Africa project to tap ocean potential, SA's Phakisa takes off
Cape Town – A new pan-African project has been launched to strengthen the continent’s potential for increased trade in fish.
As a continent Africa is endowed with vast fish resources in its oceans, rivers, lakes, floodplains, and fish farms. Africa currently produces 9.9 million tons of fish per year. Its share of global trade only represents 4.9%.
According to WorldFish, a nonprofit research organisation which sets out to harness the potential of fisheries and aquaculture to reduce hunger and poverty, “trade is constrained by inadequate market and trade infrastructure and poor policy implementation”.
“High transport costs, complex and unaligned trade rules and poor market information also prevent Africa from optimising the social and economic benefits available,” it said in a media release.
“More efficient trade could significantly improve income and nutrition for millions of Africans, particularly those 12.3 million that are directly employed in the fisheries and aquaculture sectors.”
Director General of WorldFish, Stephen J Hall, says “Africa has the potential to develop its fisheries and aquaculture to play a much greater role in promoting food security, providing livelihoods and supporting economic growth”.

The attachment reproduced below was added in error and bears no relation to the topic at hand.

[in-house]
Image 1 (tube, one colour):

“Per capita consumption has fallen, despite Africa’s great abundance of aquatic resources. FishTrade will create the foundations for a more solid, productive and sustainable building-up of this great, continent-wide, resource,” Hall said.
At the same time South Africa is in the process of mainstreaming its operation Phakisa, which sets out to unlock the economic potential of the country’s oceans.
At the launch President Jacob Zuma said the government chose the ocean economy with good reason. “South Africa is uniquely bordered by the ocean on three sides – east, south and west. With the inclusion of Prince Edward and Marion Islands in the southern ocean, the coastline is approximately 3 924km long,” he told the delegates at the launch of the initiative.
“The ocean has a potential to contribute to the GDP up to R177bn. The ocean also has a potential to contribute between eight hundred and one million direct jobs,” Zuma said.
South Africa’s oceans contributed around R54bn to the country’s GDP in 2010 and accounted for approximately 316 000 jobs.